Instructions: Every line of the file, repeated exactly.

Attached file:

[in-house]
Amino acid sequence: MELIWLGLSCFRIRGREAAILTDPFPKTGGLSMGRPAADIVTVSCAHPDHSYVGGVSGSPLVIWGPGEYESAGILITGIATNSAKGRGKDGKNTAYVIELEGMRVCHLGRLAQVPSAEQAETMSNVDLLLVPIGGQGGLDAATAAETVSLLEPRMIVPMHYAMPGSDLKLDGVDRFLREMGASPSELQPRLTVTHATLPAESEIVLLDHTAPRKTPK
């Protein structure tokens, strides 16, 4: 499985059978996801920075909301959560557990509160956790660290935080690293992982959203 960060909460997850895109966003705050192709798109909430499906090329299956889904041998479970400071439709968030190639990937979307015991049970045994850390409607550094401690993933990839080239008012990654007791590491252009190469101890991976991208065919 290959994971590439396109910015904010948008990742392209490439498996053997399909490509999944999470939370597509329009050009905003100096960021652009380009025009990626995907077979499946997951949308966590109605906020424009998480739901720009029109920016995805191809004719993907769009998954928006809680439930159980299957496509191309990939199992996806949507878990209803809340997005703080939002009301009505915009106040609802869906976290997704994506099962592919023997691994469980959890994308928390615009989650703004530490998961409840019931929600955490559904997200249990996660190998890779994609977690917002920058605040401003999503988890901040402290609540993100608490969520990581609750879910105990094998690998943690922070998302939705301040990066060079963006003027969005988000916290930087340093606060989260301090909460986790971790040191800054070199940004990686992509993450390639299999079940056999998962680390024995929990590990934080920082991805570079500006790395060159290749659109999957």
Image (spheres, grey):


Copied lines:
[in-house]
Amino acid sequence: MELIWLGLSCFRIRGREAAILTDPFPKTGGLSMGRPAADIVTVSCAHPDHSYVGGVSGSPLVIWGPGEYESAGILITGIATNSAKGRGKDGKNTAYVIELEGMRVCHLGRLAQVPSAEQAETMSNVDLLLVPIGGQGGLDAATAAETVSLLEPRMIVPMHYAMPGSDLKLDGVDRFLREMGASPSELQPRLTVTHATLPAESEIVLLDHTAPRKTPK
């Protein structure tokens, strides 16, 4: 499985059978996801920075909301959560557990509160956790660290935080690293992982959203 960060909460997850895109966003705050192709798109909430499906090329299956889904041998479970400071439709968030190639990937979307015991049970045994850390409607550094401690993933990839080239008012990654007791590491252009190469101890991976991208065919 290959994971590439396109910015904010948008990742392209490439498996053997399909490509999944999470939370597509329009050009905003100096960021652009380009025009990626995907077979499946997951949308966590109605906020424009998480739901720009029109920016995805191809004719993907769009998954928006809680439930159980299957496509191309990939199992996806949507878990209803809340997005703080939002009301009505915009106040609802869906976290997704994506099962592919023997691994469980959890994308928390615009989650703004530490998961409840019931929600955490559904997200249990996660190998890779994609977690917002920058605040401003999503988890901040402290609540993100608490969520990581609750879910105990094998690998943690922070998302939705301040990066060079963006003027969005988000916290930087340093606060989260301090909460986790971790040191800054070199940004990686992509993450390639299999079940056999998962680390024995929990590990934080920082991805570079500006790395060159290749659109999957």
Image (spheres, grey):